The Secret To Amy Adams' Sharp Objects Makeup Is Spit

HBO's Sharp Objects doesn’t use the power of makeup to showcase an era, like on Netflix’s ‘80s-tastic Glow, or make everyone look perfectly luminescent, like on Insecure. The show uses makeup to ensure the characters look like people who are going through some serious shit — people who have barely slept, people who’ve been drinking all day, and yes, people who self harm, including the show’s lead character Camille Preaker, who's played by Amy Adams.
Camille is a journalist who’s found herself back in her hometown of Wind Gap, Missouri as it grapples with not one but two murdered teenage girls. As she reports the story, she struggles with her own personal demons, which are triggered from being back in her childhood home. So yeah, makeup’s not really a priority for her.
But that doesn't mean makeup on the show is any less essential. In fact, appearance plays a key role in character development — and those little details come down to the makeup department. Camille's mother, Adora, for example, has a habit of pulling out her eyelashes in times of stress. According to the makeup department head on Sharp Objects, Michelle Radow, the lashes were single synthetic eyelash extensions, in different thickness and lengths, trimmed and curled by Radow herself. And then there's all the special effects makeup involved in Camille's scars, which are created by department head Adrien Morot.
When it came to Amy Adams' makeup, which was done by her personal makeup artist on the show, Kate Biscoe, that required a whole lot of other TV magic. We talked to Biscoe all about how she convincingly transformed Adams into Camille Preaker, the sacrifices Adams took to get into character, and the real meaning behind her makeup, ahead.
Anne Marie Fox/HBO
What were your first thoughts upon reading the book and the script?
"I come from a literary background, [and] I couldn't help thinking about the philosopher Marshall McLuhan, who coined the phrase, 'The medium is the message.' The scars are words and it's a whole different narration than what's taking place on screen. She's covering something up, and not just literally with her long sleeves, but this horrible background as well. Those scars are her body armor."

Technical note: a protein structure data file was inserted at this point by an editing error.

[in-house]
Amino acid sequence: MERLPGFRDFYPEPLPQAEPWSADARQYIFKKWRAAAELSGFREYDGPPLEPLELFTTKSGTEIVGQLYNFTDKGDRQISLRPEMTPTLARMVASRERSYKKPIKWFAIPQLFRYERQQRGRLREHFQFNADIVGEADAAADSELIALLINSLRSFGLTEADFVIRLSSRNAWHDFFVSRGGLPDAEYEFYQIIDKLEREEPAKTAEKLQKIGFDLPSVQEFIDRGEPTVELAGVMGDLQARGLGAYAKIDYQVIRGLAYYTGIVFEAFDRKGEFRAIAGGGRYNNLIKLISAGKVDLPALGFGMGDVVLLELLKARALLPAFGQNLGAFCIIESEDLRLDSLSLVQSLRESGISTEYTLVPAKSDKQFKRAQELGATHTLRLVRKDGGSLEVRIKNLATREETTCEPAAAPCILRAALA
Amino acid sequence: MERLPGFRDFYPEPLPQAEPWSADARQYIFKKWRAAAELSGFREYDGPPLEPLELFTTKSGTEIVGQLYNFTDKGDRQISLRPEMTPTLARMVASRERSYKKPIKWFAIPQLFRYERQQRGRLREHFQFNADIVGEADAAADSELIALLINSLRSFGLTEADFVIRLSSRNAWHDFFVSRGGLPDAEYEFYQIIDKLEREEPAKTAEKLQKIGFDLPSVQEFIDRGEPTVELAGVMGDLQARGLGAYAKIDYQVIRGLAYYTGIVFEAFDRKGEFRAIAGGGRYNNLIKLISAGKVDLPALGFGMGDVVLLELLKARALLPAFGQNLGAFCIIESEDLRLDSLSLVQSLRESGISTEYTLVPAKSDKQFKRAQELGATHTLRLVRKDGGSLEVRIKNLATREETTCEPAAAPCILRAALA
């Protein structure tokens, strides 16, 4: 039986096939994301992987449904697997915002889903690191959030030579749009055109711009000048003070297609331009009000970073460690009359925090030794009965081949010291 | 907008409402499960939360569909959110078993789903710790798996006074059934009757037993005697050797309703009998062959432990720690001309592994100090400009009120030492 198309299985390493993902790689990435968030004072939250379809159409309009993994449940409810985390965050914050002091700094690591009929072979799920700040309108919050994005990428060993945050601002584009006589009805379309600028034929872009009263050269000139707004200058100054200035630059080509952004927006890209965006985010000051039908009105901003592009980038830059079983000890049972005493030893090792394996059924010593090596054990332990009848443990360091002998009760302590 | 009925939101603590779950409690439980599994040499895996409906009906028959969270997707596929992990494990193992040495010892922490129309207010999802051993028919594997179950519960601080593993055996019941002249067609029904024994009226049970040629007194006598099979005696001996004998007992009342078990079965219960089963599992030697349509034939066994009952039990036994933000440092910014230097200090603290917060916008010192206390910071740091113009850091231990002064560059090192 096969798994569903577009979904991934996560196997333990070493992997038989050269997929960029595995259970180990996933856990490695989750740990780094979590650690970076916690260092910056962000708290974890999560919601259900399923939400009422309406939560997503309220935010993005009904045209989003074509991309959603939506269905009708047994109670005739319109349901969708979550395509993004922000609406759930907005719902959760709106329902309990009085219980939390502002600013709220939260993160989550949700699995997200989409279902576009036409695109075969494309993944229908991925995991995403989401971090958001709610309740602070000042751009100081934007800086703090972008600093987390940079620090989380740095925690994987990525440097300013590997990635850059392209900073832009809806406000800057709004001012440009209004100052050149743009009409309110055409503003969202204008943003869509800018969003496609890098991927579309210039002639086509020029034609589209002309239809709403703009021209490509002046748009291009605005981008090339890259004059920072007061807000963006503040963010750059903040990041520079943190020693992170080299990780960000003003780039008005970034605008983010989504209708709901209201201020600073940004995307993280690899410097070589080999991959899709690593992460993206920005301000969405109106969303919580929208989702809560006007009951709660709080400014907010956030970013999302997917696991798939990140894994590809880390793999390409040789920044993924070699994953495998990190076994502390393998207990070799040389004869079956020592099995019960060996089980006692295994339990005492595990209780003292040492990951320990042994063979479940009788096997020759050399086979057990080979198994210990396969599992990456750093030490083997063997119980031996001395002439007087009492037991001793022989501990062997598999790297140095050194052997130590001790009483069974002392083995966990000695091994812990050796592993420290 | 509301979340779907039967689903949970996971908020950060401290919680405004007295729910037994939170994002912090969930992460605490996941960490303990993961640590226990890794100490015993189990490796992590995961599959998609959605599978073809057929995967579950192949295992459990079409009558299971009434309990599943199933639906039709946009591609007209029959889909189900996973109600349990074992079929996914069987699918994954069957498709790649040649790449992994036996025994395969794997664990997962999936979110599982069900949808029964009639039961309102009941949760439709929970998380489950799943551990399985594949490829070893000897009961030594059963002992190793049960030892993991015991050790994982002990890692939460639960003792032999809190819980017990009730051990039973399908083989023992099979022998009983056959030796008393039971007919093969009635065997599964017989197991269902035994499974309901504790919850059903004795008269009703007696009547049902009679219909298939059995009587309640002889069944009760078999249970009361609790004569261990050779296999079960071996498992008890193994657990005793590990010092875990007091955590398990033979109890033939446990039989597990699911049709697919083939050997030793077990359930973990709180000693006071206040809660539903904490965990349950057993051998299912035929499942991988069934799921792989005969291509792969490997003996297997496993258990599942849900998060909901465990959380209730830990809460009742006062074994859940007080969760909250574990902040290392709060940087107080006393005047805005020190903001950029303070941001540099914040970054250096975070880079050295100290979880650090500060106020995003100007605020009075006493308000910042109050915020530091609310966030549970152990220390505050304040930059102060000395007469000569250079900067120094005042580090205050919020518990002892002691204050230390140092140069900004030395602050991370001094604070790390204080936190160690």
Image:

How did you get her to look so hungover all the time?
"She's supposed to be a functioning, or not so functioning, alcoholic. That involved making her look like somebody who was in pain and drinking all the time and trying to put a mask on for other people she has to interact with. [Director] Jean-Marc Vallée doesn't like an interrupted process, and so there was no beauty lighting. He only uses available lights and a handheld camera, so what you see is what you get."
Was it all created in the makeup trailer — or did Amy bring any of it with her to set?
"All that inflammation she generated on purpose: She ate salt. She stopped exercising. She didn't drink tons of water. And in scenes she's drinking all the time, instead of alcohol, she's drinking the non-alcoholic beer O'Doul's — it's like 20 O'Doul's a day. Everything's supposed to look like yesterday's makeup. [Amy] usually just wiped under her eyes with some spit, and then we let everything get sweaty."
Did you try to counteract the sweating at all?
"We were shooting in L.A., Northern California, and Georgia in June and July, and that actually worked for us. Normally you would try to take sweat off, but it was supposed to be Missouri and it's part of the character. She is covered up and sweating and so it was absolutely method-y."
What kind of makeup did you use to achieve her look?
"Eyeliner was big, and we used Make Up Forever Aqua XL. We'd smudge it around with sweat or even spray water on top to make it look like it's been on there for a while. She wears Burt's Bees Tinted Lip Balm in Rose. We used Koh Gen Doh foundation, Makeup For Ever concealer, Giorgio Armani liquid blush, and Clé de Peau loose powder. And we did lots of good skin care because [Amy] was going through a lot, so La Mer Moisturizing Soft Lotion, and Chantecaille Gold Energizing Eye Recovery Masks."
What kind of message do you think she’s sending with her makeup?
"Amy's not afraid of looking bad. She wants to tell the truth, and I think she certainly didn't want to look like a glamorous damsel. She went for it. It felt like an honest representation of what a woman would look like in Camille's situation."
I know you don't handle her hair, but I have to know: Are those waves Amy's real texture?
"Her hair grows like that out of her head. Amy would come in with her hair wet, let it air dry, scrunch a bit of product into it, and then it would do its own thing. She's a very lucky woman."

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